Previously: Donations, The First Year
Here’s an update on what my household donated to this year, and why. Please be warned that there is some upsetting content related to the ongoing Israel-Hamas conflict in this post, in the first section.
The Against Malaria Foundation
Around 90% of our donations ($15,000 of $16,500 total, all amounts in CAD) went to the Against Malaria Foundation (AMF). I remain a very old school EA mostly committed to global health and poverty reduction interventions for humans.
If I was a US citizen I’d donate a portion of this to GiveWell’s Unrestricted Fund for reasons I’ll touch on below, but as a Canadian the key consideration for me was which GiveWell-recommended charities and funds had a Canadian entity, and unfortunately (or fortunately for eliminating analysis paralysis?) the AMF was the only recommended charity registered in Canada. This meant I could donate tax-deductibly, which meant I can donate ~20% more.
(Or so I thought at the time. I’ve now discovered CAFCanada, but that’s a problem for my 2024 donations.)
The AMF almost didn’t get my donation this year.
According to Givewell’s 2021 analysis, the AMF saves in expectation one life for every $7300 CAD donated. In the days after the onset of the Israel-Palestinian conflict, I began researching nonprofits offering medical aid to Palestinians, thinking that there’s a chance their impact might surpass that benchmark1.
I read many annual reports for many charities, focusing extra on their work in previous years of conflict. In the end none of them were anywhere close to how effective the AMF is (like at least an order of magnitude off), with one exception.
Glia Gaza is a small team of Canadian doctors who are providing emergency care and 3D printed tourniquets to wounded Palestinians. The tourniquets came in different sizes for women and children in addition to men (most suppliers only supply tourniquets in adult male sizes).
I researched the efficacy of tourniquets in saving lives. If you are dealing with bullet wounds, they help a lot when you use them to staunch bleeding and prolong the time you have to get to a hospital. They help, too, if there are no hospitals, just by significantly reducing the chance that you bleed out and die right there.
Tying a tourniquet is challenging; it’s easy to make mistakes that could worsen the situation or fail to apply them tightly enough. Glia created a new kind of 3D printed tourniquet that made it easier to tie properly, quickly. You can read some harrowing field reports that they wrote about their prototypes in 2018. There are some disturbing pictures, and worse stories. But the conclusion was that the tourniquets worked, and that they worked well.
Their 3D printers were solar powered so they weren’t dependent on grid access and the plastic was locally sourced. They’re just printing out a whole bunch of them and leaving strategic caches for medical professionals to use, and to use themselves. Each tourniquet would cost $15 CAD to produce and distribute. With $7300 CAD they’d be able to distribute 486 tourniquets. I thought the chances were good that 486 additional tourniquets translated to more than one life saved on expectation (though I’m not an expert and I had some pretty huge error bars, and there was some questions around scalability with additional funds and the like). I decided to sleep on it before donating.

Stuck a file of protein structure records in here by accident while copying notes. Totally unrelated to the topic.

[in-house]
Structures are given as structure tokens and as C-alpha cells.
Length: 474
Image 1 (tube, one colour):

I woke up to an update to their fundraising page. Their office where they had all their 3D printers (they didn’t have that many) was caught in the blast of a bomb, and they had no ability to fix them. And because of the blockade there was no chance that they’d be able to fix them any time soon.
Also, because of the blockade, it really didn’t matter anymore if I donated to any charity, none of them would be able to get people or medical supplies into Gaza anyways.
I felt devastated at the news. I stopped working on the report, because there wasn’t a point anymore. I was very upset for weeks, too upset to keep researching. I asked ChatGPT to take on the role of a seasoned effective altruist and it helped me process some things.
In some ways, I feel like this was my first trial as an effective altruist. This was my third year of having a salary and donating out of it, and the considerations in previous years of where to donate to were much less serious than this. The deluge of coverage around the conflict caused me to feel extreme amounts of urgency and empathy for those involved in it. I don’t think this is bad – Rebecca Solnit in A Paradise Built in Hell explains that people tend to joyfully give in times of crisis, and I think humans are better off for having this instinct.